How can we educate young people for success in the 21st century?
Cambridge academic maps out a vision for 21 Century education
The Director of Education at the University of Cambridge International Examinations, Dr Tristian Stobie, presented at the 21st Century Knowledge and Skills conference organised by the University of Southern California Center for Enrollment Research, Policy and Practice (CERPP) on 11-13 January 2012.
The conference discussed how we can educate young people so that they take an active role in global society, and develop the skills, knowledge and habits needed in the 21st century. Tristian Stobie spoke about the skills that 21st century students need to develop – including in-depth understanding, critical thinking, creativity, global awareness, and the ability to communicate and debate ideas clearly. There is a consensus about the competencies students need in order to function effectively in higher education and the modern work place.
• Most countries recognize that their education system is failing to produce students with these qualities
• Curriculum and assessment practices can be developed to improve the situation.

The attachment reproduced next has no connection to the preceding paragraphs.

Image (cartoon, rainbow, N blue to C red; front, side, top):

We need, Stobie says, ‘to assess what we value not value what we assess’.
• Assessment has a backwash effect on curriculum and teacher practice. This must be recognized so that teachers and schools focus on what we value.
• Curriculum, with corresponding assessments, must be broad and balanced. Students must be assessed on the processes as well as the products of learning and be able to demonstrate understanding and performance holistically in authentic contexts as well as in examinations and tests.
• The central role of the teacher as a creative professional must be recognized and encouraged.
What about Generic Competencies and their place in HE?
• Competencies refer to specific patterns of behaviour that enable a person to perform a
particular task to the required standard
• Study conducted by Cambridge assessment 2011 identified 10 areas applicable to all subjects:
– Active Enquiry – Open Thinking Style
– Motivation – Self-Discipline
– Organisation – Copes with Demands
– Resilient – Emotional control
– Self-reflective – Organisation Citizenship
And what outcomes are we looking for from Learners?
Desirable Learner Outcomes
• Basic skills: Numeracy / literacy / IT/ languages
• In depth subject understanding
• Problem solving / critical thinking: the ability to investigate and analyze complex problems in unfamiliar situations
• Information literacy
• Adaptability / flexibility / resilience
• Global / international / intercultural understanding
• Learning to learn for life
• Ability to communicate, argue and debate with clarity
• Ability to work effectively in teams and individually
Learn more about the 21st Century Knowledge and Skills conference